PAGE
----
Antonio Salieri is now best known for something he didn't do: killing Wolfgang Amadeus Mozart. The 1984 movie Amadeus is most responsible for the persistence of this myth into the twenty-first century (and it is a fantastic movie!), but the idea predates the Oscar-winning film by over 150 years. The movie is an adaptation of a Tony Award-winning play from 1979 by Peter Shaffer, which itself was based on Alexander Pushkin's play Mozart and Salieri from 1830, which was based on rumors that circulated after Mozart's death that were proven false.
The story resonates with viewers because it touches on one of our most powerful emotions, jealousy. We all know a Mozart--someone who is just better than you at something without even trying. No matter how diligently you work, someone will always be able to beat you, and it's particularly infuriating if they mock your efforts in the process. It's a common human experience projected onto famous historical figures, which is often a recipe for successful entertainment. It's historically false, but it's really good fan fiction.
So, when a Czech museum finds a collaborative composition by Mozart and Salieri that has been lost for two centuries, the Amadeus angle is the obvious route to generate page views. Frankly, if you don't at least mention the rivalry, your reader will be distracted by the thought, "Wait, didn't Salieri kill Mozart or something?" It'd be irresponsible not to mention it.
Now, on to the offending article: There are early indications that Staufenberg doesn't know much about this topic. She refers to the composition as a "libretto," which is inaccurate--a libretto is the text of a work of vocal music, whether it's a cantata (as is the case here), opera, or other type of work. This libretto is by Lorenzo da Ponte, which the article does mention later, but the piece as a whole, with music by Mozart and Salieri, cannot be called a "libretto."
But my quibble over terminology is pedantic compared to the error later in the article:
The discovery of a co-authored composition would appear to support the long-since dismissed theory that Salieri might have played a role in Mozart's death....What? That doesn't logically follow at all! Two composers working in the same city and moving among the same circles collaborated on a work, therefore one might have killed the other after all? How does that work?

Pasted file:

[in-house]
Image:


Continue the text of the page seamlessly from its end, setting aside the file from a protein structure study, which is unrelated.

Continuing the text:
Staufenberg's source for this article is a story that ran in Austria's The Local. This article contains all the information of Staufenberg's (which is to say, very little), and by comparing the two you can see how Staufenberg padded the article in The Independent. You can even see how the "libretto" error crept in.
Salieri didn't kill Mozart. We know he didn't. It's fiction. Don't pretend that it maybe could have actually happened in an article purporting to be factual, even if you have a deadline and you're under your required word count.
(To be fair to The Independent, two days later they ran another article on this story, and it quotes Ulrich Leisinger from the Mozart Institute of Salzburg saying unequivocally, "Salieri did not poison Mozart." That is a much more responsible way of reporting news about these composers!)
*I'm not entirely certain of Jess Staufenberg's gender, and I will correct this post as necessary.
Many thanks to Jonathan Bellman for bringing this article to my attention!
If you come across some inaccurate or clichéd writing about classical music, please send it to me at MusicHistoryCliches@gmail.com! Tell me what you take issue with, and let me know whether you'd like me to mention you if I use your submission in a post.
"Long-lost Mozart score discovered tucked away in Czech museum" by Jess Staufenberg in The Independent
"Long-lost Mozart score found in Prague" in The Local
"Mozart and Salieri 'lost' piece played for first time since being rediscovered" by Samuel Osbourne in The Independent